LOS ANGELES — California Governor Gavin Newsom said on Monday that utility Pacific Gas and Electric Co should be held accountable for mismanaging last week’s widespread power shutoffs and urged the company to provide credits or rebates to affected customers.
Separately, the California Public Utility Commission ordered corrective steps by PG&E, the state’s largest investor-owned utility, while summoning eight of its top executives to an emergency meeting on Friday.
The utility, a unit of PG&E Corp, cut off electricity to more than 730,000 homes and workplaces in northern California last week in a bid to reduce wildfire risks posed by extremely windy, dry weather.
The precautionary shutdown, unprecedented in its scope, has been widely criticized as being haphazardly conducted on too large a scale, with insufficient advance notice to affected customers.
On Thursday, the governor said the power outage followed years of mismanagement by the utility and branded its handling as “unacceptable.”
Chief Executive Bill Johnson publicly acknowledged that day that PG&E had fallen short in its preparations for the outage.
In response to state officials’ latest moves, Johnson again acknowledged room for improvement while defending the broad-scale power cutoff as “the right decision.”
He added that there “were no catastrophic wildfires started” last week in the utility’s service areas.
Newsom said he had sent a letter to Public Utilities Commission President Marybel Batjer confirming that the agency will conduct a comprehensive inquiry and review of PG&E’s planning, implementation and decision-making process failures.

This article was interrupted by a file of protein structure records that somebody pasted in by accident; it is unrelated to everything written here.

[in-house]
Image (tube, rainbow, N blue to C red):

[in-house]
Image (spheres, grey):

“Californians should not pay the price for decades of PG&E’s greed and neglect,” Newsom said. “We will continue to hold PG&E accountable to make radical changes – prioritizing the safety of Californians and modernizing its equipment.”
Newsom also urged the company to provide affected customers an automatic credit or rebate of $100 per residential customer and $250 per small business as compensation.
Separately, Batjer sent PG&E executives an eight-page letter on Monday directing the utility outlining seven “major areas where immediate corrective actions are required,” the commission said in a statement.
“Failures in execution, combined with the magnitude of this (power shutdown) event, created an unacceptable situation that should never be repeated,” Batjer wrote.
“Loss of power is not a mere inconvenience — it endangers lives and property, especially those individuals who are reliant on power for medical reasons.”
Several of the corrective actions ordered by the commission dealt with website crashes and an overwhelming surge in call center activity the utility experienced during the shutdown.
PG&E filed for bankruptcy in January 2019, citing potential civil liabilities in excess of $30 billion from major wildfires linked to its transmission wires and other equipment.
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